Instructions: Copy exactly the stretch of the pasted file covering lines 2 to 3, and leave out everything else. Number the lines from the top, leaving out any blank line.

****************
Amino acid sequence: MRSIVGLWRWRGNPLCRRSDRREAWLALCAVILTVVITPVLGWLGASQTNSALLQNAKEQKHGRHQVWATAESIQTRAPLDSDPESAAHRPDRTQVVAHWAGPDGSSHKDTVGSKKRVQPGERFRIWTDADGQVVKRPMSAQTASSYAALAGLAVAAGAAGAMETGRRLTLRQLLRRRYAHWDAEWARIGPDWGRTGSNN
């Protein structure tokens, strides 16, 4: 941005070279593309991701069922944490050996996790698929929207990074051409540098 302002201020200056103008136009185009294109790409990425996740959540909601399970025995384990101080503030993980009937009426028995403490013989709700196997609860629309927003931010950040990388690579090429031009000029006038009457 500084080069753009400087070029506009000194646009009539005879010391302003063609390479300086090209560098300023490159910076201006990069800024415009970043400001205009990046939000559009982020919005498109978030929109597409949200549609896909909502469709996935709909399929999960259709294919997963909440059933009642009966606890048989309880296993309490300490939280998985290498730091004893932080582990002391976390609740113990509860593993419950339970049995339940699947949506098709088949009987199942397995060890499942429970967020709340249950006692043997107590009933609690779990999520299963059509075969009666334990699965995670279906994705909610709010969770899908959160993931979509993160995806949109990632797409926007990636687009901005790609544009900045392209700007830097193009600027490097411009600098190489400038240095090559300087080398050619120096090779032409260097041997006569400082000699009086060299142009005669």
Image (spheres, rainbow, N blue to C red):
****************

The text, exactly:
């Protein structure tokens, strides 16, 4: 941005070279593309991701069922944490050996996790698929929207990074051409540098 302002201020200056103008136009185009294109790409990425996740959540909601399970025995384990101080503030993980009937009426028995403490013989709700196997609860629309927003931010950040990388690579090429031009000029006038009457 500084080069753009400087070029506009000194646009009539005879010391302003063609390479300086090209560098300023490159910076201006990069800024415009970043400001205009990046939000559009982020919005498109978030929109597409949200549609896909909502469709996935709909399929999960259709294919997963909440059933009642009966606890048989309880296993309490300490939280998985290498730091004893932080582990002391976390609740113990509860593993419950339970049995339940699947949506098709088949009987199942397995060890499942429970967020709340249950006692043997107590009933609690779990999520299963059509075969009666334990699965995670279906994705909610709010969770899908959160993931979509993160995806949109990632797409926007990636687009901005790609544009900045392209700007830097193009600027490097411009600098190489400038240095090559300087080398050619120096090779032409260097041997006569400082000699009086060299142009005669």
Image (spheres, rainbow, N blue to C red):